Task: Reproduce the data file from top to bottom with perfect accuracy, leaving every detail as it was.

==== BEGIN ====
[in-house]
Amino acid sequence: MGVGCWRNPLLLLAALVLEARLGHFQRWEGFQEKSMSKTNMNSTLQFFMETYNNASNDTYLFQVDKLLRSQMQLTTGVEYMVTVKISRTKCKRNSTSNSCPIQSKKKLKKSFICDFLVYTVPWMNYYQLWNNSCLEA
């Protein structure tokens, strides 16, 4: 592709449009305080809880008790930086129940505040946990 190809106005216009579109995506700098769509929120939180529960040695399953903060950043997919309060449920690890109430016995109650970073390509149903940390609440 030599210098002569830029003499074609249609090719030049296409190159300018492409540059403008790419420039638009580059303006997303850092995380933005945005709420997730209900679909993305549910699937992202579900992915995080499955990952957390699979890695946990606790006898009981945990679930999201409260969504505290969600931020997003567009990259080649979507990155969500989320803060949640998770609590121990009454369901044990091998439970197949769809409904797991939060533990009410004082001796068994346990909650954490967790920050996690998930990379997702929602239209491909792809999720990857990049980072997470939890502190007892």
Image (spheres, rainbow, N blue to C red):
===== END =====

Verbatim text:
[in-house]
Amino acid sequence: MGVGCWRNPLLLLAALVLEARLGHFQRWEGFQEKSMSKTNMNSTLQFFMETYNNASNDTYLFQVDKLLRSQMQLTTGVEYMVTVKISRTKCKRNSTSNSCPIQSKKKLKKSFICDFLVYTVPWMNYYQLWNNSCLEA
């Protein structure tokens, strides 16, 4: 592709449009305080809880008790930086129940505040946990 190809106005216009579109995506700098769509929120939180529960040695399953903060950043997919309060449920690890109430016995109650970073390509149903940390609440 030599210098002569830029003499074609249609090719030049296409190159300018492409540059403008790419420039638009580059303006997303850092995380933005945005709420997730209900679909993305549910699937992202579900992915995080499955990952957390699979890695946990606790006898009981945990679930999201409260969504505290969600931020997003567009990259080649979507990155969500989320803060949640998770609590121990009454369901044990091998439970197949769809409904797991939060533990009410004082001796068994346990909650954490967790920050996690998930990379997702929602239209491909792809999720990857990049980072997470939890502190007892």
Image (spheres, rainbow, N blue to C red):